Spidey’s problems: love, Dr. Octopus“Spider-Man 2” is one of those rare sequels that manage to best the original. It builds on many subjects brought up in “Spider-Man,” seamlessly weaving parallel stories about love, friendship and, in particular, the great responsibility that comes with the gift of great power. With an introspective eye, and with Tobey Maguire as Peter Parker and Sam Raimi directing, this movie is darker and funnier than the first, even delivering a touch of poignancy.
Parker’s struggles are what give this movie heart. He’s now a student at Columbia, studying physics. But he’s failing his classes. He’s trying to make ends meet delivering pizza, but even when he calls on his superhuman strength, he’s unable to make deliveries on time.
He’s still in love with Mary Jane Watson (Kirsten Dunst). But now, more then ever, he’s unable to show her his true feelings ― or true identity. His best friend, Harry Osbourne (James Franco), holds a grudge against him for stealing Mary Jane. Worst of all, his powers seem to be failing him.
As if these struggles aren’t enough, Spider-Man must deal with a new villain, Doctor Octopus, or “Doc Ock” (Alfred Molina). The first time the two meet, it’s almost a big brother-little brother relationship. The famous Dr. Otto Octavius is working on an experiment dealing with fusion energy, and Osbourne sets up an interview for Parker. The two immediately hit it off, talking about how love can become twisted if kept hidden, and about the potential for corruption that intelligence brings.
A few days later, Dr. Octavious unveils his experiment, which requires him to fuse four intelligent arms to his spine and brain. But a chip keeps the arms from controlling his brain. The experiment goes haywire, creating an eight-limbed (if you include his natural limbs) monster.
Visually, “Spider-Man 2” is a feast. It doesn’t change action filmmaking like “The Matrix” did, but it definitely ups the ante on what looks good. Fight scenes are spectacular, especially Doc Ock’s menacing tentacles and the suspenseful thuds that shake the streets before he arrives.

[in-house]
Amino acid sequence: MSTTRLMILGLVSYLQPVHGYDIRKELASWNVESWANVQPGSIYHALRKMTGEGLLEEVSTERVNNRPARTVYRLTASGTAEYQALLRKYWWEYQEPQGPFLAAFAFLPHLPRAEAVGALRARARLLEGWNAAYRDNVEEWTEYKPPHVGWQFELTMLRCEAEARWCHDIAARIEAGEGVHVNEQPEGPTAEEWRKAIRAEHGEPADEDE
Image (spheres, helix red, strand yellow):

Incidentally, Molina ― who turned in a powerful performance as the artist and philanderer Diego Rivera in “Frida” ― seems a poor choice to play Doc Ock at first. But Molina adds human complexity and almost a sense of reality to a comic-book villain, as compared to Willem Dafoe’s over-the-top performance as the Green Goblin in the first film. Molina turns out to be perfect. J.K. Simmons is also brilliant as Jonah Jameson, editor of the Daily Bugle. One scene in which Jameson goes from vengeful to contrite back to vengeful is just an eye-blinking riot.
Dunst turns in another stellar performance as the damsel in distress, while Osbourne is the perfect poster boy of a spoiled kid desperately trying to fill his father’s shoes. Rosemary Harris, as Parker’s Aunt May, is another fine actor, but some of her dialogue, while inspirational, goes on too long.
The film has deftness and humor. There’s even a crazy cut to a scene set to the song “Raindrops Are Falling on My Head.” And a scene where Parker, holding up a falling wall with his back, comments about how heavy it is may be a sly reference to the back trouble that almost kept him out of the sequel. It’s good to have him back.
Action / English
by Joe Yong-hee